Exposures to airbone particulate matter and adverse perinatal outcomes: A biologically plausible mechanistic framework for exploring potential effect modification by nutrition

Srimathi Kannan, Dawn P. Misra, J. Timothy Dvonch, Ambika Krishnakumar

Research output: Contribution to journalReview article

248 Scopus citations

Abstract

Objectives: The specific objectives are threefold: to describe the biologically plausible mechanistic pathways by which exposure to particulate matter (PM) may lead to the adverse perinatal outcomes of low birth weight (LBW), intrauterine growth retardation (IUGR), and preterm delivery (PTD); review the evidence showing that nutrition affects the biologic pathways; and explain the mechanisms by which nutrition may modify the impact of PM exposure on perinatal outcomes. Methods: We propose an interdisciplinary conceptual framework that brings together maternal and infant nutrition, air pollution exposure assessment, and cardiopulmonary and perinatal epidemiology. Five possible albeit not exclusive biologic mechanisms have been put forth in the emerging environmental sciences literature and provide corollaries for the proposed framework. Conclusions: Protecting the environmental health of mothers and infants remains a top global priority. The existing literature indicates that the effects of PM on LBW, PTD, and IUGR may manifest through the cardiovascular mechanisms of oxidative stress, inflammation, coagulation, endothelial function, and hemodynamic responses. PM exposure studies relating mechanistic pathways to perinatal outcomes should consider the likelihood that biologic responses and adverse birth outcomes may be derived from both PM and non-PM sources (e.g., nutrition). In the concluding section, we present strategies for empirically testing the proposed model and developing future research efforts.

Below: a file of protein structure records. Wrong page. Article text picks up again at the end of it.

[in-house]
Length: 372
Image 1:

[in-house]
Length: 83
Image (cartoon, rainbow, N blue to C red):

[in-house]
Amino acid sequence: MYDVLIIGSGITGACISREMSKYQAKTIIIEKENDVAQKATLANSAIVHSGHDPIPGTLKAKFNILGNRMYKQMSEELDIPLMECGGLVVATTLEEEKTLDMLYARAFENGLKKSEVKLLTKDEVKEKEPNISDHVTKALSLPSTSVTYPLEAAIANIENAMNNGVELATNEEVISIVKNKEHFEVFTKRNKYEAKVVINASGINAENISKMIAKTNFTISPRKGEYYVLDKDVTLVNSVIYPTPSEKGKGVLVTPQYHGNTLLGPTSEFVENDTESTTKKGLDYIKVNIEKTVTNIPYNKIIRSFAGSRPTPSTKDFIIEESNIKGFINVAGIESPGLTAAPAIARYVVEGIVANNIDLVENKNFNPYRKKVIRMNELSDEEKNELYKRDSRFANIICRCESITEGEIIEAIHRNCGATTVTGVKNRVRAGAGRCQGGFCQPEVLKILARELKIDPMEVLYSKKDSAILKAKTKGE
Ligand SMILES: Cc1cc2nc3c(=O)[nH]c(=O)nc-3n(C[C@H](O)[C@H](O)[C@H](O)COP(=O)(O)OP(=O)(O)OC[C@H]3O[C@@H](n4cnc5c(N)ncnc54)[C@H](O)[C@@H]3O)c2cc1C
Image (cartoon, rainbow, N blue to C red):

Original languageEnglish (US)
Pages (from-to)1636-1642
Number of pages7
JournalEnvironmental Health Perspectives
Volume114
Issue number11
DOIs
StatePublished - Nov 2006

Keywords

  • Air pollution
  • Biomakers
  • Birth outcomes
  • Cardiovascular disease
  • Nutrition
  • Particulate matter

ASJC Scopus subject areas

  • Public Health, Environmental and Occupational Health
  • Health, Toxicology and Mutagenesis

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